f/5.6: At this aperture, the shape of the aperture is clearly visible, resulting in 10-edged bokeh balls. The foreground bokeh is a bit smoother.
Comment from Bastian: Highly corrected modern wide angle lenses, especially those using aspherical elements, often struggle when it comes to bokeh rendering, showing harsh transitions, structures in the light discs and severe outlining. But I think the Loxia’s bokeh isn’t too bad actually, light discs are pretty evenly lit and show even less outlining compared to the Zeiss Batis 18mm 2.8. There is one thing to be aware of though: the aperture blades are slightly closed already at f/2.8. On the one hand this is the reason you will already see sunstars around point light sources wide open (which I like) but on the other hand light discs are not perfectly round even at f/2.8:
The Zeiss Loxia 2.8/21 shows sun stars already wide open. A close look inside the lens shows, that the aperture seems to be slightly closed at f/2.8. I dont’t know the reason for that, maybe the lens could be brighter than it is. The sun stars with 10 rays are absolutely beautiful, I really like them.
Comment from Bastian: So do I 🙂 You can find more sample images with sunstars in my flickr album for this lens.
The lens is sharp across the frame wide open. The center of the Zeiss Loxia 2.8/21 shows peak sharpness at f/2.8. The midframe peaks at f/4 and the corners slightly increase until f/5.6 although the differences need to be searched with a magnifying glass. Diffraction becomes visible at f/8 and obvious at f/11.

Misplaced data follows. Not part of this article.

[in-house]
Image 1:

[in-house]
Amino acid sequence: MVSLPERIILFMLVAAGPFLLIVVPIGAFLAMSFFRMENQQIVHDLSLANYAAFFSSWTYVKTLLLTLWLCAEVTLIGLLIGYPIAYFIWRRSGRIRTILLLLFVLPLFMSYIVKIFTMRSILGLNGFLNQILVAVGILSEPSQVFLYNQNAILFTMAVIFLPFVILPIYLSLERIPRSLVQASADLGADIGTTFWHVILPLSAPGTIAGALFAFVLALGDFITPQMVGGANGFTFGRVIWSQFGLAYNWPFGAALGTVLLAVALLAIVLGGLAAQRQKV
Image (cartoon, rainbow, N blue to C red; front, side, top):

Comment from Bastian: On the 42mp A7rII the Loxia 21mm 2.8 is still an exceptional performer regarding resolution, contrast and clarity.
The Loxia 2.8/21 does not feature floating elements. I expected the lens to be somewhat soft near the minimum focus distance. Surprisingly, the difference between f/2.8 and f/5.6 is not that high. The Loxia 2.8/21 performs excellent at every distance.
Update by David
Actually although it’s not mentioned in the specifications in words, the Zeiss catalogue shows this lens and the 25 both having floating elements. I checked with the distributors and they confirmed this. That explains the excellent close performance!
The Loxia 2.8/21 shows some visible coma and astigmatism wide open in the corners. It is reduced at f/4 and mostly gone at f/5.6. If the corners are not perfectly in focus, stars can become stripes due to astigmatism. Coma is significantly less visible with darker light sources.
Most of the image is completely coma-free, just the outer region is affected. The picture below shows the charasteric of coma in the top right of an image.
Use for Astrophotography
Comment from Bastian: Meanwhile I got the chance to use this lens for astrophotography under very good conditions and it is a great performer. Stars are less demanding than city lights and it is very hard finding deteoriated stars at all wide open, so I wouldn’t hesitate using it at this aperture. See this 100% crop from the extreme corner for reference:
The only bummer is the high vignetting wide open, but the competition (e.g. the Zeiss Batis 18mm 2.8) isn’t exactly better here.
Zeiss Loxia and Fotodiox Tough E-Mount
I have started this review using a Sony A7R with Tough E-Mount LT Signature Edition to prevent any influences caused by the original bayonet.